In 2019, villagers of Raini petitioned the Uttarkhand high court against various environmental hazards emanating from “developmental” activities, including illegal stone quarrying on the Rishi Ganga riverbed and the blasting of mountains. Even though some of those allegations were proved to be true, authorities went ahead with the projects.
The upper regions of Uttarakhand already have 16 dams, with a further 13 under construction. Moreover, the state government has proposed another 54 dams. On the Dhauliganga river, eight new back-to-back hydro-electricity plants are proposed, in addition to the Tapovan project, which was badly damaged.
Many glaciers form part of India’s long northern border in the Himalayan region. Globally, glaciers are thawing. According to Sarah Das, an associate scientist at the Woods Hole Oceanographic Institute, “most mountain glaciers around the world were much larger in the past and have been melting and shrinking dramatically due to climate change and global warming.”
An article on the Wire quoted a 2018 policy brief from the Divecha Centre for Climate Change, Bengaluru, indicating that “the average temperature in the northwestern Himalayas has risen by 0.66º C since 1991—an increase much higher than the global average.” Also, scientists from the Snow and Avalanche Study Establishment in Chandigarh reported that winters in the northwestern Himalayas had been getting warmer and wetter for the past 25 years.
Research based on the study of 650 glaciers spanning 2,000 kilometres and published in the journal Science Advances in June 2019, showed that glacial melting had doubled since 2000 as compared to 1975-2000. According to this study, “following a more pronounced warming trend starting in the 1990s; from 2000 the loss accelerated to about half a metre annually.”
The present disaster has occurred less than a decade after a 2013 catastrophe in Uttarakhand, which was dubbed the “Himalayan tsunami.” In June that year, torrents of water, mud and rocks were unleashed, sweeping away homes, buildings, roads and bridges, and killing close to 6,000 people.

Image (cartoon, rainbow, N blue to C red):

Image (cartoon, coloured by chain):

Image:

In 2018, Vimal Bhai of Matu Jan Sangathan, a Uttarakhand-based non-government organisation, told the media: “It has been five years since the devastating floods occurred but the conditions in Uttarakhand are as they were. The floodplains are being encroached; massive infrastructure projects, mainly large dams, are being carried out in the fragile Himalayan region in the name of development without learning any lessons from the past.”
Writing this week to the Wire, C.P. Rajendran, an adjunct professor in the National Institute of Advanced Studies said: “The Chamoli disaster is still evolving, and it will be many days, if not longer, before we know all the significant details. But there should be no doubt it’s a sign of our stupid developmental priorities and proves our inability to sustainably develop ecologically sensitive zones.”
More than a “natural” disaster, this latest tragedy is another indictment of the capitalist profit system and its disregard for working class lives and the planet’s environmental problems.